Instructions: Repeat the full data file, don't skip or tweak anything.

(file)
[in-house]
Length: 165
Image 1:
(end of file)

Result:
[in-house]
Length: 165
Image 1: